A Social Responsibility

Photo courtesy of Arzu Uranli, Ph.D | Arzu Uranli, Ph.D, is an Islamic women's activist and adjunct professor in the Department of Philosophy and Religious Studies.Photo courtesy of Arzu Uranli, Ph.D | Arzu Uranli, Ph.D, is an Islamic women's activist and adjunct professor in the Department of Philosophy and Religious Studies.
Photo courtesy of Arzu Uranli, Ph.D | Arzu Uranli, Ph.D, is an Islamic women's activist and adjunct professor in the Department of Philosophy and Religious Studies.

Photo courtesy of Arzu Uranli, Ph.D | Arzu Uranli, Ph.D, is an Islamic women’s activist and adjunct professor in the Department of Philosophy and Religious Studies.

Breaking stereotypes and prejudices is the aim of the new Women & Gender in Islam course at Winthrop. Arzu Uranli, Ph.D, who is originally from Turkey, took the job offering for the course

“There is so much prejudice on Muslim women. In the class, I’m trying to explain that there is a big variety,” Uranli said. “There is no one creature called a Muslim woman. We come in different sizes, different colors and from different backgrounds.”

Uranli is Turkish and practices Islam differently, but her wavy blonde hair and fair complexion drew skepticism from people about her religion and ethnicity.

“When people see me, they assume I’m not Muslim, or that I left the faith,” Uranli said. This motivated her to represent and advocate for the diversity of Islamic women.

“Nobody was speaking for me. And I said that I have to learn more and express myself because I’m here, I’m part of the game,” Uranli said.

Senior psychology major, Rachelle Gandy, said that she is learning the truths about the Islamic faith and the impact of its followers for the first time in her life.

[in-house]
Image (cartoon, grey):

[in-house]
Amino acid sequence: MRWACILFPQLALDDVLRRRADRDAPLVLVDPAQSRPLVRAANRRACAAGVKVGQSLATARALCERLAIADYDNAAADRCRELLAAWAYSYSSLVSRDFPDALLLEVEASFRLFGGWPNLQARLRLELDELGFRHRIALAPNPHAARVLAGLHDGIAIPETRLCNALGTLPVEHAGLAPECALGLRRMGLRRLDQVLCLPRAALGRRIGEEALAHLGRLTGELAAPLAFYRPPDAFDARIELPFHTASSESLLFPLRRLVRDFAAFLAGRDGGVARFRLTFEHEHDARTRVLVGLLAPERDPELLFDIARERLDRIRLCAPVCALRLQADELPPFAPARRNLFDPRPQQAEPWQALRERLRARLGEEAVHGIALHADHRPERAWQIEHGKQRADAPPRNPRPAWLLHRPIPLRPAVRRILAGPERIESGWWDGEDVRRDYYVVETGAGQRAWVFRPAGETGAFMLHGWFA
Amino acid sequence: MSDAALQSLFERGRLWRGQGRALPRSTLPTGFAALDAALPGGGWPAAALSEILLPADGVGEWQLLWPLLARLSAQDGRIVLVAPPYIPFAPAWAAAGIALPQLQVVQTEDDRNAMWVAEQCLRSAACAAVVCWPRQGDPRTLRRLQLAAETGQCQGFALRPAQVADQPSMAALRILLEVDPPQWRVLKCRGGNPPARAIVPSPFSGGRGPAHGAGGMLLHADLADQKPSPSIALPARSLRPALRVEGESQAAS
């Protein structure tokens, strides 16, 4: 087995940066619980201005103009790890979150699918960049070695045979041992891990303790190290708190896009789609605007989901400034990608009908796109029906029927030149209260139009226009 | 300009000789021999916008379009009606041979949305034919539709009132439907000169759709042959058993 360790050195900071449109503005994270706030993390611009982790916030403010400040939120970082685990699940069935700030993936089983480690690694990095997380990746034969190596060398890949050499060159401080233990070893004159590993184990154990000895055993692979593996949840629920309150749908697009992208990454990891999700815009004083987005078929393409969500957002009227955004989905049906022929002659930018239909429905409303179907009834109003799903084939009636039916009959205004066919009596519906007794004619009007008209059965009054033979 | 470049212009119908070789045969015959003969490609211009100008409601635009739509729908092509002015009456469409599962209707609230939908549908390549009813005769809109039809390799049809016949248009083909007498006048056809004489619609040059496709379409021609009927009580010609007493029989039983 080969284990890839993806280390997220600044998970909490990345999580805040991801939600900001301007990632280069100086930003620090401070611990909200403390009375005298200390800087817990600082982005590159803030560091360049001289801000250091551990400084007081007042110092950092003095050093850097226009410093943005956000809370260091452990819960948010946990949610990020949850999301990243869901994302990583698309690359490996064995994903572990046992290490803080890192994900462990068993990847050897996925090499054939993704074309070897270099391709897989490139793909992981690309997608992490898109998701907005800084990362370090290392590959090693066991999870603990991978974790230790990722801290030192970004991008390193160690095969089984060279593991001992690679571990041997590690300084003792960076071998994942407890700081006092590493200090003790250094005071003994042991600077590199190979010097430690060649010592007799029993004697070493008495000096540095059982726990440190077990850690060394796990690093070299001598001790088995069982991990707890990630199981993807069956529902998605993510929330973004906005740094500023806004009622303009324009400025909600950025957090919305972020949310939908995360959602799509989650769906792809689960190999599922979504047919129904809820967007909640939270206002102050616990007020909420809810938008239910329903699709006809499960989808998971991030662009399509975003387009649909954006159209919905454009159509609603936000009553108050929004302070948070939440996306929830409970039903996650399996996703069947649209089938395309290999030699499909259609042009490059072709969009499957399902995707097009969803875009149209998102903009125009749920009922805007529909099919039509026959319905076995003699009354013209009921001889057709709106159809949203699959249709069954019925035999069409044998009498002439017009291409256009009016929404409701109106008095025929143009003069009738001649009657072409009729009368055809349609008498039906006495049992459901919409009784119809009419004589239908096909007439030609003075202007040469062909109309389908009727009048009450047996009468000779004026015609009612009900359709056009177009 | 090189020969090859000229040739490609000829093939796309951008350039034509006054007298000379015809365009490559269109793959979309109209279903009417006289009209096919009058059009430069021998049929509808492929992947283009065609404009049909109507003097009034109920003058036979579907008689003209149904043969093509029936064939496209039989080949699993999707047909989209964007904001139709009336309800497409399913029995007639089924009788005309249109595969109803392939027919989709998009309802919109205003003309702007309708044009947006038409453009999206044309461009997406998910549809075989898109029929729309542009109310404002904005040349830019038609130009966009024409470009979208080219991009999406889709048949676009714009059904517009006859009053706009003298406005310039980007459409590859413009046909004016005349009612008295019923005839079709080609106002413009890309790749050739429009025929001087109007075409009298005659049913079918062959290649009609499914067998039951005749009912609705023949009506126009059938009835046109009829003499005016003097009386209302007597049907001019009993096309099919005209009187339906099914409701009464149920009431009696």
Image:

“After a month of being in this class, I can say for a fact that I have learned a variety of new and interesting things regarding the Islamic faith and the intersectionality Muslim women face around the world,” Gandy said, feeling humbled and empowered after each class meeting.

Social work major, Molly Boyle, wants to end the negative narratives about Muslim women and Islam by taking the course. She said people focus on how Muslim women are portrayed as victims that need saving, which is an incorrect view.

“There’s a lot of false information that is given about the Islamic religion. It is a peaceful religion, a respectful one,” Boyle said. “The majority of Muslim women across the globe are educated, empowered, and independent, all while being true followers of the Islamic religion.”

“Teaching is the highest call as an activist and a journalist. It’s good to have a voice in the academic area about the issue,” Uranli said.

Uranli hopes that more students can take the course next semester, especially those outside the religion major or women’s studies minor.

“It’s a social responsibility nowadays for all of us to learn other cultures and religions and to make sense of them,” Uranli said.

The course will be offered next fall for students who are interested. The course is cross-listed with a special topics course in Religion: Women in Islam.

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